Let me tell you about courting


Our Days Out

We loved our days out

Charabang trips not coaches

And only once a year

The Sunday school outings

Never had a holiday

Maybe a picnic at Pontsarn

Looking forward to Barry Island all year

Then it rained

Barry Island, Porthcawl or Bristol Zoo if you were posh

We loved our days out

And on that one day a year

We’d have sandwiches on trestle tables in a church hall

Then down the beach

Being polite passing cakes down the line

Never to see them again

It doesn’t always pay to be polite

Nan in her coat on the beach and thick stockings

Sweat breaking out under that hot beret

Booing the Prisoner of War camp at Bridgend

On the way to Porthcawl

We loved our days out

Girls club, girl guides and brownies

And a father who made wooden swords for street fights

Crawling through the old mine workings

Scrumping apples from the teacher’s garden

And when teacher appeared I’m stuffing apples in my knickers

And waddling away as fast as possible

By the time I get home the knickers

Are two sizes too big

We loved our days out

Playing kiss chase in the street

Running backwards to get caught

We loved our days out

Wind berry picking up the mountain

And up to Snob Hill for the watercress

The open air Lido

With ice cold water

And sliding down the hills

With a green bottom to show for it

Scared to put your knickers in the wash

With holes in them

And still two sizes too big

The ferns on the hillside could tell many a story

We loved our days out



Remembering The Old Schooldays

Ah schooldays…

In the old days we had the cane

And then a good hiding at home

The cane for being in a train carriage with boys

The cane for sitting at the front

Teacher said we’d have talked if we were at the back

You could hear the ticking of the clock

Detention and lines ‘I must not speak in class’

Nora the nit nurse

Nitty Nora the boogie explorer

Who’d give a nod to the teacher

And everyone knew who had them

Ah schooldays…

In the old days we had

Slaps on the head and facing the wall

Today teachers are afraid to touch a child

It’s the pupils telling the teachers what to do

Children wanting school to be Disneyland

And we had the Cogi Bach

The Traunt Officer

And a Truant School in Treharris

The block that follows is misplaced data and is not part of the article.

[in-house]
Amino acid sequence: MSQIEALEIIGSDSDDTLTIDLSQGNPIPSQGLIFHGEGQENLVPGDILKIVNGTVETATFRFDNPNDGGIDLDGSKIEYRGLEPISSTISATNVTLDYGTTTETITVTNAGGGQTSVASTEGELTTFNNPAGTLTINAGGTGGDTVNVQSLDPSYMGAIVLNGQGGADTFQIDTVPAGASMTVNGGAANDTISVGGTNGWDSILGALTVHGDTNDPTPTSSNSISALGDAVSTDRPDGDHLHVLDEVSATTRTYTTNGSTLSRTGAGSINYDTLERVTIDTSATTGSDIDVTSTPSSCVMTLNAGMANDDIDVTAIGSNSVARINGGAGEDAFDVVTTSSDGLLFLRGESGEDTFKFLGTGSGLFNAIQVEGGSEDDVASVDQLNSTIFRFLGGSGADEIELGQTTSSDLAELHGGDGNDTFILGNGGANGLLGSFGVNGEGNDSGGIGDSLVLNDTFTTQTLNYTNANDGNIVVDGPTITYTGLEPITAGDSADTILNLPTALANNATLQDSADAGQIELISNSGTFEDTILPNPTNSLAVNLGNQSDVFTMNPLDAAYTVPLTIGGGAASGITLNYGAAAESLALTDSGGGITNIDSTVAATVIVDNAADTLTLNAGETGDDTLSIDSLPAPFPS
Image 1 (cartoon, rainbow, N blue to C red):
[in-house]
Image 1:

You simply had to go to school

Or the Cogi Bach would get you

Nobody would talk to you if the Cogi Bach went to your home

Ah schooldays….

In the old days there was no computers or cookery

We had short hand typing, needlework,

Cork work and patchwork quilts

Making the sign of the cross to get your sums right

A coal fire in every class and warming quart bottles of milk

That froze in winter

Ah schooldays

In the old days we had semolina, tapioca, porridge and cardboard flan

‘And if you don’t eat your semolina I’ll tell your mother when I get home’

Stews with pearl barley, suet dumplings and carrots

For afters an apple, maybe an exotic orange or  banana

But on Mondays Jam Roly Poly or Spotted Dick

(You can’t say that in schools now!)

I cried when someone ate my brown parcel of bread and jam

And slept on camp beds in the afternoon

Times tales and proper conversation

Ah schooldays…

Those really were the days



Children Of Today

Children of today get too much

We were more responsible and carefree

We used to play hopscotch in the street

And take pop bottles back for cash

Go to Saturday matinees with my brother

And roller skates were a luxury

Sometimes you’d get to wear just the one for 50 yards

Children of today get too much

We got evacuated from Birmingham to Aberdare

We were swinging from ropes round lampposts

21 coaches to Barry Island once a year

Skipping in the street

There were no cars then

Children of today get too much

We were courting up the mountain

Picking wind berries and spinning whipping tops

Throwing jacks

And lighting papers and shoving them up drain pipes

The rag and bone man would give you a goldfish for buttons

Even if you’d taken them off your father’s best funeral shirt

And had the hiding of your life!

It was charabangs not buses then

And waiting for the horse to deliver instant manure

Children today get too much

My knitted orange swimming costume came off in the sea

And we nearly drowned in the Lido spring water

Proper cold water not heated

The teachers in coats as the children turned blue

Scrumping apples